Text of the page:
Hope to see you all on the call!

Apr 13, 2009

A Big Step Foward in the Health IT Race

The spread of new ideas and technology are interesting phenomena to observe and study. In the social networking world, Friendster led to Facebook and MySpace and where does Twitter fit in? When it comes to adopting new technology, those under the age of 25 tend to adopt things faster than those over the age of 65. Or to put it this way, it's not uncommon for me to see a group of middle school students jamming to their iPods while texting on their cell phones. But, watching a video of my 94 year-old grandmother playing Wii Bowling rocked my world!

In a book titled Diffusion of Innovations written by Everett Rogers, Rogers outlines a model for the adoption and diffusion of innovation. When it comes to adopting new technology, health care is notoriously known to be part of the "late majority" or "laggard" groups. Some argue that the use of internet computing for communication in health care has not changed in decades!

Well, that is all hopefully beginning to change. The recently enacted stimulus bill — the American Recovery and Reinvestment Act of 2009 (ARRA) has allocated $19 billion to promote the adoption and use of health information technology (HIT), with a focus on electronic health records (EHRs). In a Perspectives piece published in the New England Journal of Medicine on April 9th, Dr. David Blumenthal, the newly appointed National Coordinator for Health Information Technology, discusses the challenges and goals of stimulating the adoption of HIT.

As discussed in the piece, currently, only 17% of US doctors and only 10% of US hospitals are using even the most basic form of EHR. Because of the substantial upfront cost, the perceived lack of financial return from investing in HIT, the technical and logistical challenges involved in installing, maintaining, and updating them, and consumers' and physicians' concerns about the privacy and security of electronic health information, the medical field has decided not to jump on the technology bandwagon. While Washington DC does have a plan to incentivize physicians and health systems to adopt EHR through Medicare and Medicaid benefits, much work needs to be done. Substantial investments need to be made to create an interoperable system that is flexible to new technology updates, yet provides security and privacy. President Obama has promised that by 2014 every American will benefit from having a personal EHR. Just like the IHI WHO Surgical Safety Checklist Sprint, laying down the foundations of this HIT system will be a race--not quite a marathon in duration. Let's call it the 10K HIT race.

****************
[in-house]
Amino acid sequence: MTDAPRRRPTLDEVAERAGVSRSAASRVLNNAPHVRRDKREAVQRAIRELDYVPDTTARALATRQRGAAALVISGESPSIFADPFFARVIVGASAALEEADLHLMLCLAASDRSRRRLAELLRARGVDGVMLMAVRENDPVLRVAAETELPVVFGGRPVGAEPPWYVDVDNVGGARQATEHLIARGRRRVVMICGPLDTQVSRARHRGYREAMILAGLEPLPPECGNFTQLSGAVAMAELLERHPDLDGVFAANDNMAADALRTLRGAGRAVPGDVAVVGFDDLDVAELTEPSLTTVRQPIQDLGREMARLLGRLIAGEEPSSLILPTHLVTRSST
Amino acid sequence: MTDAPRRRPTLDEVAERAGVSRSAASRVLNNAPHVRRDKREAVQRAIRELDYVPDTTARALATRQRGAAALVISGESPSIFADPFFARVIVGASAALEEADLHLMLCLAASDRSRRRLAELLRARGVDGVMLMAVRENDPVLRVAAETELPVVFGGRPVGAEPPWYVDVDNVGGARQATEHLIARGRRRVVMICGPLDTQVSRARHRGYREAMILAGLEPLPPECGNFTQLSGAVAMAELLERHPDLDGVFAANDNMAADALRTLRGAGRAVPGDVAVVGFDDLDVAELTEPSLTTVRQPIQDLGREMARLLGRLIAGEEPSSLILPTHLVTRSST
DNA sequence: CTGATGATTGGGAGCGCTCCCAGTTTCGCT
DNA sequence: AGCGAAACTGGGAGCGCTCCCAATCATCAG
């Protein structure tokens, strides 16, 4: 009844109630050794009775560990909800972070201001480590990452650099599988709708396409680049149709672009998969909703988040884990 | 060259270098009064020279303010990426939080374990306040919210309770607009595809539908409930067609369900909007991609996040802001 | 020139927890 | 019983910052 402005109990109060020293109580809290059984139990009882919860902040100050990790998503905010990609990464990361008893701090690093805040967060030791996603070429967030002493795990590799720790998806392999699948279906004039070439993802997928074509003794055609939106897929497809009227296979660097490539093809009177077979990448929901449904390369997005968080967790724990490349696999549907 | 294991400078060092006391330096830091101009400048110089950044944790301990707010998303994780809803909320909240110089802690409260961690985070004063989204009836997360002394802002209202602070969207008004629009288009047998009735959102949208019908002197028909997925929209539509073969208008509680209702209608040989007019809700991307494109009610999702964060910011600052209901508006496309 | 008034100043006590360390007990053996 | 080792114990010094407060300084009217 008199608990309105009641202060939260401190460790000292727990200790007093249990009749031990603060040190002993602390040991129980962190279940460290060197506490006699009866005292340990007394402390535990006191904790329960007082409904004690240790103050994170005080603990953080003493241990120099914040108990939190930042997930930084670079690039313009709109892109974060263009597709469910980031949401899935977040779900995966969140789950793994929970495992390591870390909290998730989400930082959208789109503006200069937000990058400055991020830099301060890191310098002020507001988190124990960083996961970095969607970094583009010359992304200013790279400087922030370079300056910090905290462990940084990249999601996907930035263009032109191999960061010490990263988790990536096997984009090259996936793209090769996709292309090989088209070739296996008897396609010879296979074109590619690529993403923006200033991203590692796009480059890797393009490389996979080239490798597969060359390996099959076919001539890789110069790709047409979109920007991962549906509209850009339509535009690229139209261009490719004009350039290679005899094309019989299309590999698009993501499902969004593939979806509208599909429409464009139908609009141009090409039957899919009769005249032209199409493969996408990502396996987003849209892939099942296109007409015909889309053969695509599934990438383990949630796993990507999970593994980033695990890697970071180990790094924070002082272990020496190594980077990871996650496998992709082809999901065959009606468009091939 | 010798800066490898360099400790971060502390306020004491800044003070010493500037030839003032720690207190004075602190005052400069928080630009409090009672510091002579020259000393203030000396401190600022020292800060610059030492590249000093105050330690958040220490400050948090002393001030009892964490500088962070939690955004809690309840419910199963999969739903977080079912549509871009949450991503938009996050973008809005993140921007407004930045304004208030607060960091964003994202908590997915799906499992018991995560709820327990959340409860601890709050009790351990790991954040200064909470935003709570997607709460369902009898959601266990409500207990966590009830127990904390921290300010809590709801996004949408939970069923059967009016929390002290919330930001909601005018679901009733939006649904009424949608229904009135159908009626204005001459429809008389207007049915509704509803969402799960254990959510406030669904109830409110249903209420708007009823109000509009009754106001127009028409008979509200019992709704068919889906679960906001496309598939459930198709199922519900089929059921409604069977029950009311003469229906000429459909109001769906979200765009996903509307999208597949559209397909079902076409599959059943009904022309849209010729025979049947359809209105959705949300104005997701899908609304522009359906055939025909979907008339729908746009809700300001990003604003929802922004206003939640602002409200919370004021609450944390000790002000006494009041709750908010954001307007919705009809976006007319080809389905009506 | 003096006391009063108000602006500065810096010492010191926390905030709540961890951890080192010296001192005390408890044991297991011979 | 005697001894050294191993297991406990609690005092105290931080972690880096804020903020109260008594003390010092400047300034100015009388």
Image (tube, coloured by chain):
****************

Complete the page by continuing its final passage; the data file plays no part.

Since the HIT race started with announcement of the ARRA, President Obama and several partnerships have provided several refreshing swigs of water. Last Thursday, President Obana, along with Department of Defense (DoD) Secretary Robert Gates and Veterans Administration (VA) Secretary Eric Shinsheki, announced the commitment to create a Joint Virtual Lifetime Electronic Record, a system to computerize medical records for all military personnel. This Joint Virtual Lifetime Electronic Record would effectively bridge the records the DoD holds on active-duty men and women and the records the VA holds on veterans. With the military leading the way as it has done on several occasions in the past, President Obama is sending the message that an investment in HIT is not just to bring technology to health care, but to improve the quality of health care delivery, the health of populations, and the efficiency of our health systems. President Obama hopes that the military system will become a model for the rest of the nation to adopt. Click here to read the release.

Side note: Dr. Don Berwick was asked to appear on NewsHour with Jim Lehrer to discuss this new announcement of a streamlined military EHR and its implications on health care. See the video below!

Having trouble viewing? Click here to watch a streaming video clip, read the transcript, or download the audio clip.

Other spurts of refreshing water have come from partnerships. GE Healthcare announced a partnership with both the CDC and Johns Hopkins to create an easy way to report and target alerts on epidemics. Click here to read Business Week's coverage. Mayo Clinic has partnered with IBM to create a website to consolidate the tools used to search records and data of all kinds. Click here to read The New York Times' report on the new project called, the Open Health Natural Language Processing Consortium.

What other sorts of sprints or 10K races has the government or military led in the past? What features of an EHR are most important to you? How do you think EHRs will transform health care delivery?